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Quick Summary: A peer-teaching initiative dedicated to hosting full days of lectures and workshops to many students of different healthcare disciplines about topics including but not limited to: clinical skills, chest pain, ‘confusion’ and the kidneys.

Healthcare has a long history of being passed down through teaching. For centuries the healers imparted the hallowed knowledge to their offspring, who then passed it on to the next generation. Therefore, learning from their seniors and eventually their peers, is nothing new to most disciplines involved in the delivery of healthcare. This remained a fact of life even after the advent of sophisticated technologies to store and advance knowledge.


The Peninsula College of Medicine and Dentistry (PCMD) had a cherished tradition of peer teaching, perhaps best exemplified by fortnightly “MegaTeach” events which brought representatives of all years of together through a programme of integrated basic and applied medical science learning. In fact, it would be no exaggeration to state that the very foundations of MegaReach were built on the experiences of group motivation gained through MegaTeach.


While MegaReach actively seeks to promote and sustain peer-teaching within the institutions of learning, Peer Steer seeks to take that a step further. Founded on the dearly held belief that the diversity in the learning and assessment techniques should not threaten the uniform excellence of practice, Peer Steer seeks to learn from the best examples for good practice, even as it tries to “steer clear” of repeating errors through the sharing of ideas. Peer Steer seeks to promote learning that is not bound by geographical constraints. Therefore, if you do have a particularly illuminating example of good learning practice (or its opposite) please do share those thoughts through the “Comment” section under the “Contact” tab. We are also actively looking to promote collabortive ventures between peer teachers from diverse disciplines and institutions. In addition to supporting such collaborations practically, we are keen to publish lessons learnt through the process. Help us drive the cause of uniform excellence through dedicated peer learing.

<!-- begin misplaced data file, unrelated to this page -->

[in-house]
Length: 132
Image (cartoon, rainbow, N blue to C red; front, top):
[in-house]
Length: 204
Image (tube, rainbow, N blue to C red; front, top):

Becoming a medical student in September 2014, I was quickly enthused by the challenge to take control of my own learning. Realising the opportunity to engage with and help others, I hope to encourage collaborative learning wherever possible. Please feel free to contact me at

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